When I first trained as a Structural Integration practitioner at the Guild for Structural Integration I was very lucky to have an engaging anatomy teacher who brought a lot of real human bones to class! This may sounds strange, but when you’re studying human anatomy it’s a real treat.

We were encouraged touch and take in the details of each bone; we were even allowed to borrow them overnight to assist us with our homework assignments, but most of all to keep us fascinated with the human body. It worked!

During the anatomy course we even went to visit a cadaver lab where the different bodies were specifically dissected for massage therapists. For example, they showed us how the fascia on the bottom of the foot is connected to the fascia on the top of the head in one long strip!  I also remember my surprise when they showed us the piriformis muscle, it’s so small compared to the images in my books! How can this little muscle be such a big pain in the butt?

I didn’t realize how lucky I was to have this experience untill later. Back at home I had to rely strictly on books to study anatomy. I used a number of them and compared the images of one to another and then to another to try and grasp what the different muscles looked like, where they were located and how they were layered over one another.


It was quite a feat! The Trail Guide to the Body has really good and copious illustrations and nowadays even includes a DVD (which is awesome!!) that teaches you to palpate soft tissues and bony landmarks, I can’t recommend it enough. Blandine’s book explains really well how the body moves, but the images are a bit too confusing for a newbee so to get a clearer picture I would read it along side Netter’s Atlas of Human Anatomy which is beautifully detailed. It illustrates the body in a way that inspires awe both for the for body’s complexity as well as for Netter’s artistic abilities.  In my quest to understand anatomy better, I also used art catalogues such as this one from the reinassance wax sculpture collection of La Specola’s Museun of Natual History in Florence (photographed above).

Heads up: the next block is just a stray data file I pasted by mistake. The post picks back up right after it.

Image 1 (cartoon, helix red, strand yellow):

Today you can navigate the body in 3 dimensions from your laptop with 3D humna anatomy apps!!

These apps are great for home-study as well as for creating keynote presentations. You can explore the body from all angles, isolate muscles, bones and internal organs, layer them and save screenshots of the angles you like most.  What  a  great addition to your collection of resources.

In the applied anatomy study group we’re currently exploring these  two programs: Visible Body’s Muscle Premium and 3D4Medical’s Essential Anatomy 3. The cool thing is that they both offer a free trial version! Links to those are here and here.

Muscle Premium vs. Essential Anatomy 3

When it comes to the payed versions of the muscular system,  I favor Essential Anatomy 3

Here’s why:

  • it looks good: the design is appealing, simple and nice on the eyes.
  • it’s easy to use, you don’t have to look at tutorials to figure it out!
  • it also includes other body systems: nervous, respiratory, digestive, cardiovascular, lymphatic and connective tissue 🙂 which is a definite plus, as don’t have to buy them separately.
  • my favorite feature is “isolate” where you click on a body part and then view it from all angles. Super cool!
  • It also lets you “dress” the skeleton, so to speak, by adding layers of muscles onto the skeleton.
  • It has a bookmarks menu to which you can add your own slides (though I still haven’t figured out how to delete the slides you’ve created without deleting all of them!)
Screen Shot 2014-06-06 at 23.31.47

Essential Anatomy 3 screenshot of the “isolate” feature.

Cons: the main “con” (that makes me crazy!!) is that when you click on something you want to view it will automatically zoom in. I find this rather annoying, still, the pros outweigh the cons.

Muscle Premium is more detailed when it comes to the images but it’s not as easy to navigate or as user-friendly. It also doesn’t include the vascular, digestive, linfatic or respiratory systems which you have to purchase separately. It’s most interesting features include 3D movement animations which are cool and help you understand movements like inversion / eversion of the foot, if you get those confused.  It also has a detailed catalogue with views of the different regions of the body which I find useful, though it doesn’t offer a whole body view in any of these sections.

Screen Shot 2014-06-06 at 23.34.23

Muscle Premium: Nice detail on the muscles and nervous sytem.